2005-04-24 - 12:31 p.m.
I'm about to launch into an 8-week placement in the lovely area of Hillfields, Coventry.
Hillfields is a sort of reclaimed slum area just outside the centre of Coventry. Quite a lot of it is still slum - high-rise, low-quality council flats, many of which are due to be knocked down, and countless newsagents and Halal meat kebab shops line the streets. Other bits of it show evidence of the council's concern: a bit of reclaimed land has become a small farm, there are little gardens here and there, and beneath the road bridge that acts as a sort of gate to the area, large murals have been painted and metal seats shaped like flowers have been placed.
In the middle of all this is my new place of work for the term, a Catholic primary school that has evidently been set out with much thought about the sort of children it is likely to accomodate. There is a lovely, homely atmosphere and the classroom arrangements are not very school-like at all: two year groups share about three spaces which are large, bright, airy and colourful. Two of these spaces are 'classrooms': they contain octagonal tables with books, pencils etc in a sort of hole in the middle, and a carpet area, consisting of two sides of a corner of the room with carpeted steps up the walls on which the children sit. The other space is a sort of library-resources-quiet work space-role play-display area.
Despite this relative informality, there is also a 'nurture room' designed for children who find a classroom amosphere difficult. It looks just like someone's sitting room: a round pine table, a bookshelf with ornaments and flowers, a large TV and comfortable chairs. Supposedly, children can make believe they are working from home when they are taught in here.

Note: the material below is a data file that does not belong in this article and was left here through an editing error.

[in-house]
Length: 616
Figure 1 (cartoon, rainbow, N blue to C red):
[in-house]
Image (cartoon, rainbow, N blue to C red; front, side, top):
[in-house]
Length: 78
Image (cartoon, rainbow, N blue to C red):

The staff are all lovely, in particular my supervising teacher who greeted me with "Oh, hello, Angel!" I soon learnt that everyone in her classroom is "Angel", whether they are children, staff or parents. It doesn't make it any easier for me to learn all their names! This teacher informed me that I had been sent by God, because I speak French (as does a boy in the class) own African Snails (they're doing a project on the rainforest) and play the cello. But then, it's a very Catholic school, and they all seem prone to exaggeration: one of the girls (aged 9) told me on my second day that my smile is like the sun and lights up the world so no-one can help smiling too, and wrote me a little letter telling me that my presence in the school "filled her with joy".
I hope she doesn't become disillusioned when I actually start teaching.
My class so far seem fine behaviour-wise, but I was in the staff room when a boy who had tried to climb over the extremely tall and pointy playground fence was brought in and put in the room next door, where he started kicking the walls and door. It's obviously going to be harder than it looks.